Below is LegalJob’s response to another question about best practices for follow-up.


Q:  I had an informational type interview today with a partner at ______ [an AmLaw 100 firm].  I think it went as well as to be expected; he said they are not currently looking for an associate but that he was impressed with my credentials and plans to keep my resume on file.  I assumed that was a throw away line until he asked me to send him a reference list so he has it if and when something comes up.  Is there anything to do other than sending a short thank you e-mail with a list of a couple of my references?


Answer:  Yes, you have been thrown a softball.  Now it is time to hit it out of the park.  Consider doing the following three things:

  1. Take the extra time to type a sincere thank you letter addressing specifics about your conversation (and in particular items that he said and your thoughts about it) and send in tomorrow’s mail at latest.
  2. Send him the reference list but do not stop there.  Ask one of your references to provide you a recommendation letter that is tailored toward this job, addressed to the person who interviewed you, and explaining why you are a match for the firm.  You don’t want to push your contact but the letter should come within two weeks, if possible.  He gave you an opening.  Run with it.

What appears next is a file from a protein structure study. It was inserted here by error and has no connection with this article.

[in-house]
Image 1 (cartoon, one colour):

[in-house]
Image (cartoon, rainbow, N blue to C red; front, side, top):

3. Think of another reason to keep in contact with this person for your round two follow-up so you can stay on his radar screen.  Some examples of excuses for additional contact:  a) You win moot court; b) you finish a writing sample; c) something significant (good) happens at your job; d) you get some more As to report; e) you find an article that is relevant to the interviewers practice; and f) something significant happens to a sports team he follows, etc.  Contact him again with the news in about three weeks or a month (sooner or later depending on whether you have something reasonable to say).